SI Advocacy Advisor, Linda Witong, blogs from the 14th Session of the United Nations Congress on Crime Prevention and Criminal Justice (CCPCJ).
“The 14th Session of CCPCJ began in Kyoto, Japan, on March 7, 2021. Its participants began by observing that it had been 50 years since Kyoto had hosted such a conference and observed that this was the first international-level event which has been held in Japan since the beginning of the COVID 19 pandemic.
During this high-level meeting, it was apparent that the pandemic was on everyone’s mind; it had even been incorporated into the Kyoto Declaration which was adopted by Heads of State and Governments at the beginning of the session. Both the parties to the Kyoto Declaration and UN Secretary-General, Antonio Guterres, agreed that the disruption caused by the COVID 19 crisis had presented criminals with new opportunities to exploit the vulnerable and marginalised populations while “lawless behavior in cyberspace” had “created a new domain” for the propagation of crimes. Following that theme, states also pledged to take more effective measures to prevent and end abuse, exploitation, trafficking, and all forms of violence or torture against children, including child sexual exploitation and sexual abuse online and offline, by criminalising such acts, supporting victims, and fostering international cooperation to combat these crimes.
In light of the ongoing experience of the COVID-19 pandemic, and in preparation for any similar future challenges, the parties to the Kyoto Declaration also acknowledged the need to review criminal justice systems in order to make them more effective, accountable, transparent, inclusive, and responsive through promoting digitalisation. And while they were at it, they also agreed that crime prevention would now include addressing the root causes, and risk factors that made different segments of society more vulnerable to crime. Moreover, those who committed crimes would now have to worry about being a focus of measures to address the economic dimension of their crimes as well as deprive them and their criminal organisations of any illicit gains.
Victims’ rights, as well as mainstreaming a gender perspective into crime prevention, were also a primary focus of the Kyoto Declaration. Crime prevention policies, programmes, legislation, and other actions were to be implemented in order to prevent all forms of gender-related violence, crime, and victimisation, including gender-related killings, by undertaking an analysis of gender-related specific needs and circumstances, as well as by soliciting contributions from impacted groups. States were also to prevent and counter domestic violence, and to that end, take effective measures within their domestic legislation, such as ensuring appropriate handling of cases, coordinating the role of welfare and criminal justice institutions, and providing a safe environment for victims.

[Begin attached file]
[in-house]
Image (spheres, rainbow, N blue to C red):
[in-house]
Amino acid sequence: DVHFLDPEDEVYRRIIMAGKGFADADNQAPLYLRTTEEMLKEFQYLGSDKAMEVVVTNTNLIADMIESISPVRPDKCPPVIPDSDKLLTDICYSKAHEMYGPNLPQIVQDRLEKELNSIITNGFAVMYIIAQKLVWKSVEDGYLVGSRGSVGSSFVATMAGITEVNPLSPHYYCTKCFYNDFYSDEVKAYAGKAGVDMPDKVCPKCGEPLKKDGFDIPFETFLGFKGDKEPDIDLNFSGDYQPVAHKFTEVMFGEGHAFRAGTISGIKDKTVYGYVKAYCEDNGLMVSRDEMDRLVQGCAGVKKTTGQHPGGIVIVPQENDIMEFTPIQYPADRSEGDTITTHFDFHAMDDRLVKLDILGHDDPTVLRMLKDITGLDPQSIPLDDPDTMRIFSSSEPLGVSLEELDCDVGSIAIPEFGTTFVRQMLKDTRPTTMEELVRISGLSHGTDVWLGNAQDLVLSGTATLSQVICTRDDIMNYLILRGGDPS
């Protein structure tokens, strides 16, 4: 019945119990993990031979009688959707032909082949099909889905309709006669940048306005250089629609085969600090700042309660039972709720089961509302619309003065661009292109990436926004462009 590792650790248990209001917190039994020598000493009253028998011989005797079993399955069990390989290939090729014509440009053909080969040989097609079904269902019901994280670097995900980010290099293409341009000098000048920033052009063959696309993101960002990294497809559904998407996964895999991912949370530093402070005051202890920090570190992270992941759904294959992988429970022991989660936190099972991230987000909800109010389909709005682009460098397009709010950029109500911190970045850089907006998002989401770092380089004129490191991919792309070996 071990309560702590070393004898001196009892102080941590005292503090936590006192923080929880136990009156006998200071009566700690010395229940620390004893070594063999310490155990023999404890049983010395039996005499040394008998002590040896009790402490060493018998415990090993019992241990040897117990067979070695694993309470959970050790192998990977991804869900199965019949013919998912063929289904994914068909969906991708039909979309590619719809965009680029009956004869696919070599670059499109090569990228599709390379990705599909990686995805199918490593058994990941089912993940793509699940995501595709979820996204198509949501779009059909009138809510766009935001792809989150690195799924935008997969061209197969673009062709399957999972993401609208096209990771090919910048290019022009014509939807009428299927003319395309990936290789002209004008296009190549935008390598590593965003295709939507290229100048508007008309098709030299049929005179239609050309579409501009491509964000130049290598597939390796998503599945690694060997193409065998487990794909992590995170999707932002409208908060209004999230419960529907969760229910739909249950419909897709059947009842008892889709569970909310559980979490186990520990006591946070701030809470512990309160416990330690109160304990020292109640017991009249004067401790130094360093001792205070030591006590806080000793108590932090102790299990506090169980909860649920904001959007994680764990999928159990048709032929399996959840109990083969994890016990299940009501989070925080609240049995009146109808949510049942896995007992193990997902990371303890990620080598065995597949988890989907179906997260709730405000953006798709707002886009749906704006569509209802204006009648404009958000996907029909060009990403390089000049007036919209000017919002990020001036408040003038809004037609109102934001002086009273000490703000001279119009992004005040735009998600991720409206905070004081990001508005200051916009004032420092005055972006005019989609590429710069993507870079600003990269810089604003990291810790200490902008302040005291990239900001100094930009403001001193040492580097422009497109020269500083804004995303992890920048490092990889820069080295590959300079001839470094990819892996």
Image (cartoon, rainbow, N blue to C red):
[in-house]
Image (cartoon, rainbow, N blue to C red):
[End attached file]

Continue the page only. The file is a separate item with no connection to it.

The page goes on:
A gender perspective was to also be applied to criminal justice systems in a number of other ways. Effective and appropriate policies and plans were to be implemented to achieve gender equality and remove impediments to the advancement of women and women’s empowerment in law enforcement and other criminal justice institutions at all levels. They also agreed to mainstream a gender perspective into the criminal justice system by promoting gender-responsive measures that addressed the gender-specific needs of both offenders and victims, including the protection of women and girls from revictimisation in criminal justice proceedings.
Finally, new and emerging forms of crime, as well as rehabilitation, were also a focus of the Kyoto Declaration and the speakers during this event. New measures which addressed both crime prevention and rehabilitation had to provide access to quality education as well as promote awareness-raising activities regarding law and policies, including public law-related education for all. It was believed that these efforts would equip people with the values, skills, and knowledge necessary to foster a culture of lawfulness, cognizant of cultural diversity, and based on respect for the rule of law.”
The 14th Session of CCPCJ concluded Friday, March 12, 2021.
Click HERE to read Linda and SIA President-Elect, Kazuko’s top takeaways from this event.
Visit the UN News website for more from the Kyoto Crime Congress.
SI Position Paper: ‘Criminal Justice Systems‘.
SI Postion Paper: ‘Gender Based Violence‘.
Lead image courtesy of UNODC CCPCJ preparation document.